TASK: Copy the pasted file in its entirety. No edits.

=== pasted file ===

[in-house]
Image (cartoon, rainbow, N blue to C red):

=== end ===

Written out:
[in-house]
Image (cartoon, rainbow, N blue to C red):